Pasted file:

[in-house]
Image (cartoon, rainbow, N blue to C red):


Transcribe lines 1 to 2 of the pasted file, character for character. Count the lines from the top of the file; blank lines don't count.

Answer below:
[in-house]
Image (cartoon, rainbow, N blue to C red):